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July 10, 2007Glenn Turner

Little Computer People - The Remixes Cover Art

Five years ago I was flipping through the new releases at my local electronic music shop when a cute little pixelart slipcase caught my eye. It was Anthony Rother's latest offering from his Little Computer People project, simply entitled Little Computer People - The Remixes. Given that, at the time, I was occasionally dj'ing esoteric electronic music, not to mention a lapsed gamer that recognized the EP was paying tribute to the influential 1985 videogame of the same name, it only made sense to immediately grab it for my collection.

And now, five years later, it still holds up well. In some ways I actually appreciate it even more. Not necessarily the music itself, although the mixes are quite sturdy. It's definitely not the videos that come with the package, as they're slightly hokey (as you can see below – especially the Rother remix, although it's one of the better executed 'video remixes' I've seen). No, what I appreciate more than event is the Commodore 64-specific demo included on the disc.

Little Computer People C64 Demo

The demo is based on chiptune artisan Tero's contribution, the aptly named 'Tero's C64 Remix', and it serves mostly as a self-promotional piece for Rother's Psi49Net label, flashing the latest catalogue titles and contact details to Tero's beat. And while the scaled and rotated pixel art that accompanies it is mildly pointless, it's still a much more imaginative effort than just slapping a few flyers and stickers into the CD case! Unfortunately, hidden away in the CD-ROM material means it's a lot less visible than stickers (confession time: It took me a few years just to find and figure out what the file 'LCP.D64' was for!).

Getting back to the music, the EP contains nine, count 'em, nine remixes of the title track and ,unlike most remix EPs, they aren't just filler material to pad out a single! Not only is there the straightforward C64 shout-out via Tero's mix but there's the harder, more ruggedly produced 'Psylocity Punk Remix' (from Psylocity, naturally), plus a more piercing & futurist take on the track from Karl Bartos, a deceptively named '1979 Original' organ and xylophone-laden mix, plus the standard club and video mixes you'd expect.

Little Computer People Video

At the core of each mix is a fine dance track and that retains many (if not all, in Tero's case) of the tones and seductive aural qualities that are so recognizable to gamers of the era. From the effervescent high-range blips to the satisfyingly sharp kicks, they all revel in their gaming roots. And while the sole lyrics "Little Computer People, living in a digital world. Can't you see them on the screen? You're the master; you're the key." certainly aren't subtle, they are more poetic in their simplicity than most self-aware video game-centric tracks out there.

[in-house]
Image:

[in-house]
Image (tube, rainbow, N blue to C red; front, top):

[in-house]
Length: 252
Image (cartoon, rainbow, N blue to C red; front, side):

Unfortunately, Little Computer People - The Remixes and its parent album, Electro Pop, aren't exactly easy to find for sale nowadays, even electronically. As far as I know, it's not available via iTunes or eMusic, and it's been out of print for some time. While I can't vouch for Electro Pop (I'm still hunting for a copy!), Little Computer People - The Remixes is well worth your time, not only for its general attention to detail, its hooky beat, the cheeky videos but, of course, the demo too. Thank you Rother for birthing such an extravagantly nostalgic, but still highly listenable and entertaining, package!

Little Computer People - Anthony Rother Remix Video
Every Tuesday I take a look at a piece of music that's derived at least portions of its sound from video games! If you'd like to suggest a chiptune, bitpop track, or any video game-inspired music selection, please leave a comment or contact me at gturner at thenewgamer dot com!

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1 comment for ‘Chiptunesday - Little Computer People’

#1 WholeFnShow Jul 10, 2007 06:07pm

I wouldn't exactly call these "block rockin' beats" but they've certainly got their own appeal outside of a club setting. What I mean is that I don't think this particular song, and it's remixes, would translate well to a large system specically because of that high pitched keyboard tone. I get the feeling that'd hurt like a son of a bitch. Without it, feels like they'd do great all super loud. But that tone is sorta part of the whole ensemble and yeah, makes no sense to not have it.

Anywho, nice find and interesting concept for a regular article. Good luck keeping it up.